YOU ARE HERE: LAT HomeCollections

RUSSIAN RIVERS : A Cruise Between St. Petersburg and Moscow, Along the Waterways of the Czars, Reveals Russia's Hidden Heart

March 06, 1994|Julian More | More, who lives in France, is the author of eight books, most recently "A Taste of Burgundy" (Abbeville Press). He is working on his next book, "Pagnol's Provence."

Peter the Great loved water. He learned to sail at the age of 12; he studied navigation and shipbuilding; he even worked in the shipyards of Amsterdam--after he had become czar. He also built the first Russian navy and commanded ships in successful sea battles against the Turks and Swedes. And in 1703, on the Neva River delta, he founded the great, lovely, canal-laced seaport of St. Petersburg, which became known as "the Venice of the North."

St. Petersburg was a glorious city, a miracle of 18th-Century town planning. Built literally from the ground up--and the ground was a morass of marshland and islets--it grew into a complex of about 35,000 buildings, many of them designed by architects imported from Switzerland, Italy, Germany, France and Scotland. Peter stocked St. Petersburg with aristocratic families, distinguished merchants, artisans of every kind. Science, art and literature flourished. In 1712, he declared it capital of the Russian Empire.

Today, St. Petersburg--having been renamed Petrograd and then Leningrad in the meantime--has reclaimed its historic identity, and reminders of its former glory are everywhere. Golden domes and soaring spires are still reflected in its canals, and the vivid yellows, greens, reds and blues of its rococo and neoclassical palaces have a stage-set brilliance--especially when illuminated by the sharp-etched light of the setting sun. Catherine the Great's famed Hermitage may be in trouble--plagued by vandalism, threatened by unstable riverbank soil and humidity--but its stunning Rembrandts, Picassos and Matisses and its gold-and-crystal chandeliers are still bathed in limpid, northern light bounced up through the windows off the Neva.

For the Record
Los Angeles Times Sunday March 20, 1994 Home Edition Travel Part L Page 6 Column 6 Travel Desk 3 inches; 80 words Type of Material: Correction
Traveling in Style--Three photographs in the story "Russian Rivers," in the March 6 issue of "Traveling in Style," were incorrectly credited. The shots of the Transfiguration Church on Kizhi Island, teen-agers selling souvenirs in St. Petersburg and dachas on the banks of the Volga River were taken by the author of the article, Julian More. Also, the cruise between St. Petersburg and Moscow described in this article may be booked through a U.S. agent, Waterways and Pathways to Worldwide Adventures (tel. 800-392-9888), in addition to the London agency listed.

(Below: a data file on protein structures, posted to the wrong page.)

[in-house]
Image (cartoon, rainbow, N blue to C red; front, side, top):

And on the quayside, in the city's working port district, a brass band props up a notice reading, in English: "All the money you provide will be used to revive the great cultural heritage of our city." They are playing "Tiger Rag."

We've come to the port to board the M/V Sergei Kirov, a sleek, 1988-vintage German-built riverboat that is to take us, and about 250 other passengers, from St. Petersburg to Moscow. In a way, this is another legacy of Peter the Great and his love for water. Today, an intricate network of lakes, canals, rivers and reservoirs connects the two cities, passing through some of the most beautiful countryside in the Russian heartland, past remote islands and villages hard to visit any other way. Peter didn't construct this network himself, but he inspired it and got it started.

In 1961, these waterways were opened to Russian tourism; in 1991, foreign visitors were invited to ply the route for the first time. It used to take the czars and their families 18 days to make the cruise. We took 11, including two nights each in St. Petersburg and Moscow, using the Kirov as our hotel.

And an international hotel it was: The boat's captain and crew were Russian; the chefs were Swiss (serving food that was light, tasty and occasionally Russian); an English company booked the cruise, and the public relations was American--personified by a zippy, young, first-generation American-Russian cruise director from San Francisco.The accommodations were well-designed, comfortable double-berth cabins.

The night of our departure, the captain made a speech of welcome, and we drank toasts in reddish Russian champagne. Then off we went. Almost at once, the warehouses and factories of the port district gave way to an almost bucolic landscape of romantically dilapidated homes with vegetable gardens and little orchards alongside, interspersed with a surprising number of new dachas sprouting along the riverbanks. Then the silver birch and fir trees thickened, and we glided almost silently into the twilight.

During the night, the Neva bore us into Lake Ladoga, said to be the largest body of fresh water in Europe, about 136 miles long, 80 miles wide and as deep as 730 feet in some places. The navigation channel was slightly choppy in the brisk wind, and the vast moonlit expanse of water was a dramatic change from the confines of the Neva.

The next morning, we sailed out of the lake into the placid Svir River, its banks so densely wooded in places that we felt as if we were sailing through a primeval forest. The air was filled with the sweet scent of sawdust, and we passed small sawmills and great rafts of logs. Then came a long stretch of dachas crowding the river, their backs giving onto more dense woods. Here and there, a fisherman waited patiently at the water's edge for a catch of pike, bream, perch or Baltic salmon. All the way to Moscow, we were to pass through landscapes like this one--riverfront communities with what looked like sheer wilderness behind them.

Los Angeles Times Articles